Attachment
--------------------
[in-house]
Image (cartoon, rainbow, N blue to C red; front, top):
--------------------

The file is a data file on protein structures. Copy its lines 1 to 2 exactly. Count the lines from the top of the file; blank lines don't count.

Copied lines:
[in-house]
Image (cartoon, rainbow, N blue to C red; front, top):